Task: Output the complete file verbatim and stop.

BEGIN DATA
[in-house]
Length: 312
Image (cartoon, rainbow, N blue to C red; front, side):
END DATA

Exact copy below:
[in-house]
Length: 312
Image (cartoon, rainbow, N blue to C red; front, side):